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D.A.J. McArthur and N.R. Knowles

The growth response of potato to infection by vesicular-arbuscular mycorrhizal fungi (VAM) (Glomus dimorphicum, G. intraradices, and G. mosseae), at increasing levels of soil phosphorus (P), was related to VAM-altered mineral status of the plant. In addition, the morphological development of the VAM was characterized using light and scanning electron microscopy.

Four weeks after inoculation, arbuscules and coiled hyphae were the predominate fungal structures within the roots, however, vesicle development increased steadily over the remainder of the 12 week growth period. As expected, the percent infection of roots by VAM decreased with increasing soil-P level. Leaf area, relative growth rate (RGR), lateral branching and root dry weight were increased by VAM, although the relative-response diminished with increasing soil-P level. A similar response to VAM-infection was evident for the concentration of and total shoot N, P and K. Examination of the shoot N status indicated that VAM influenced the rates at which the plant was partitioning N into various N pools. But again, differences between non-VAM and VAM plants tended to decrease with increasing soil-P level. These results indicate that VAM modification of dry matter accumulation and nutrient uptake is mostly a consequence of the alleviation of P-deficiency of the plant and the improved growth of roots, allowing increased mineral absorption.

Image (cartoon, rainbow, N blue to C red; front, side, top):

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Douglas D. Archbold